Abstract: One can find flavors of posts on AWS Config over the internet. This post in intended to learn what is AWS Config Service, its use cases, key concepts, pricing module and getting started.
When we manage our infrastructure through AWS, we create/modify/destroy various types of resources like Elastic Compound Cloud (EC2) instance, Virtual Private Cloud (VPC), Identity and Access Management (IAM) User, Elastic Book Store (EBS) volumes etc. With large infrastructures it is hard to track the change management with respect to resource status over time and auditing, relationships between various types of resources. All these needs can be achieved by AWS Config.
AWS Config is a service, which provides a detailed inventory of the AWS resources and their current configuration while continuously recording changes. This helps in evaluating these configurations and changes for compliance with ideal configurations defined by AWS Config Rules.
Resources: EC2- Instance/SG, VPC – Gateway/Subnet/ Network Access Control Lists (NACL), EBS, IAM – User/Group/Role
Recording: Record changes to configurations
Normalization: Normalizes these resource changes in a consistent format as a Configuration Item
Consuming Configuration Items: History per resource, Stream–SNS, Snapshot of all the configuration items captured for resources in an account.
Security Analysis: AWS Config enables us to monitor the resource configurations and evaluate these for potential configurations
For Security management, we need detailed historical information about our AWS resource configurations, such as the AWS Identity and IAM permissions that are granted to our users, or the Amazon EC2 security group rules that control access to your resources. Also we can use it to view the configuration of EC2 security groups, port rules that were open at a specific time.
With these details we can determine the permissions that belonged to a user at a specific time: for example, can view whether a particular user had permission to create/modify bucket in S3 on a particular day.
Many compliance audits require access to state of our systems (Payment Card Industry or PCI-compliance), Security Groups, Port rules. AWS Config delivers a complete inventory of configuration from history against any point of time as a combination of attributes and their relationships.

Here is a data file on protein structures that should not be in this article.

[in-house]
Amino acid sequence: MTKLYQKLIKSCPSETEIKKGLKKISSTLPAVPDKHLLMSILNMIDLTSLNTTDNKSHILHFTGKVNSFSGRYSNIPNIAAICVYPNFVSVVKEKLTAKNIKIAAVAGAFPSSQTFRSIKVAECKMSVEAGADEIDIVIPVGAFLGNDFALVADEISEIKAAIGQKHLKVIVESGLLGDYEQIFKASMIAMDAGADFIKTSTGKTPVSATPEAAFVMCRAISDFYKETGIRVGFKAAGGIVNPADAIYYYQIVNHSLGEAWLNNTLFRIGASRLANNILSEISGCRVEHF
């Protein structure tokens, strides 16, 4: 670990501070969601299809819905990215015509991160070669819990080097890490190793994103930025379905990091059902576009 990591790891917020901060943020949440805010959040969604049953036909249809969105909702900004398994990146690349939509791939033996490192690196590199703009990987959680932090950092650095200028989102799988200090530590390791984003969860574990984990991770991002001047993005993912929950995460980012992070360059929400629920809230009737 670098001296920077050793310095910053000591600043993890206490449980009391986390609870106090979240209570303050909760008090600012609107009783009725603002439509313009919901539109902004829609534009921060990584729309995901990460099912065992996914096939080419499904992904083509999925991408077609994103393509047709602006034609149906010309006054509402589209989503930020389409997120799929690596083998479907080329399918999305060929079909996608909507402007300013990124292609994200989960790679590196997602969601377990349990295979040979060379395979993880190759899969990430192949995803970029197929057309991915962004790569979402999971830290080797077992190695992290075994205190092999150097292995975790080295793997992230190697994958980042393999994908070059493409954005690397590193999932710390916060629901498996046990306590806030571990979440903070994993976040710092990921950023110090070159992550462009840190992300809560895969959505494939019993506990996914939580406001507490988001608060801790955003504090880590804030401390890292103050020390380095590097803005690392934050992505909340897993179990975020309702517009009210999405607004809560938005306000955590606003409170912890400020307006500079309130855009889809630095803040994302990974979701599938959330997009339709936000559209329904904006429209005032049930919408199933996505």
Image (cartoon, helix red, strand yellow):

In case of an issue like when a resource is down, it is critical to be able to answer what has changed in current architecture with in a time frame.
Inventory of all resources and their configuration is maintained, and is available via console or can be exported as JSON to S3.
A resource is an AWS object that one can create, modify and delete on AWS. Resources like Amazon EC2 instances, Security Groups, Network ACLs, VPCs, Subnets etc.
It is the information set in terms of attributes of a supported AWS resource such as metadata, attributes, relationships, current configuration and related events at a certain point in time. If you don’t want AWS Config to create configuration items for all supported resources, you can specify the resource types that you want it to track.
Configuration Item – Metadata: Sample JSON object of configuration Item
Configuration Item – Common Attributes: Sample JSON object containing attributes which are common across multiple config-items such as awsRegions, resourceType.
Configuration Item – Relationships: Sample JSON object representing relationship details between different AWS resources
Relationships are an association between two entities of supported AWS resources. Bi-Directional map of dependencies is automatically assigned. Change to a resource propagates to create Configuration Items for related resources.
Stream of configuration items for all infrastructural changes in an account, is the configuration stream. It contains configuration attributes that changed.
It is a collection of configuration items for all resources at a given point of time, which can be viewed on console or fetched through CLI at once with their relative resources. These snapshots can be generated on demand and exported to S3.
Collection of collection items for a given resource over a period of time is the configuration history. It is available on console and s3, which can be further used for programmatic processing.
AWS Config Service Command Line Interface (CLI) sample:
Author Bio: This post is made by Pramod Pawar, He is a passionate techie at Tavisca Solutions, whose passion for technology enables him to come up with the most creative technology solutions. He pens his technical knowledge via blogs, and loves to explore new facets of technology. You can directly reach Pramod at – firstname.lastname@example.org
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